Anchor Books The O. Henry Prize Stories
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What does it mean to be included in the O. Henry Prize Stories? How does an author refine their art? We've given the authors of the winning and recommended stories free rein to share their thoughts on these questions and others, and the result is a rare treat.

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Comments Rose Tremain
O. Henry Award-winning Author

I'm savoring the honor of being included in The O. Henry Prize Stories 2008. Some years ago, I taught a course on "The Great American Short Story" at Vanderbilt University in Nashville (the town where O. Henry defiantly set his story "A Municipal Report"), and thus enjoyed delicious twice-weekly tasters of the brio and versatility American writers have always brought to this difficult and demanding form. To be a Brit among the 2008 O. Henrys feels terrific.

(author photo © Jerry Bauer)

Writing Tips

I keep combing everything through and then comb it through again. There shouldn't be any tangles in a short story. It should have a straight-up-and-down, unimpeded flow.

In a novel, the core material undergoes a process of expansion. From a few seeds arises a whole varied and complicated garden. But the short story form demands an absolutely contrasting process--of reduction--whereby the core material is pared down and down to its poetic essentials, like carving a tiny figure out of a big block of stone.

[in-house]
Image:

"A Game of Cards" is about that moment, which may arrive in people's lives any time after the age of about 55, when they start to measure their own achievements and their own domestic happiness against those of their friends. I'm really interested in this: in that fatal day when you start to perceive the shape of your whole life. It's a moment that can propel you forwards to a feisty Third Age, or leave you drowning in a bath of envy and regret.

About the Author

Rose Tremain was born in London, and educated in London and France. Her novels and short stories are published in twenty-five countries and have won numerous prizes, including the Whitbread Novel of the Year Prize, and the Prix Femina Étranger. In 2007, Tremain was made a CBE in the Queen's Birthday Honours List. She lives in London and Norfolk.

Writer's Desk

  • Now, I'm working on a new novel, Blood Sandwich, where these same ideas are present. My sixty-year-old protagonist, a London-based dealer in antiques, contemplates a future in which nobody wants "dead people's furniture" any more, and so he finds himself adrift in a life without meaning. Believing that a move to rural France may save him, he's inadvertently squeezed into an emotional and financial trap that threatens to destroy him completely.

  • Writer's Desk

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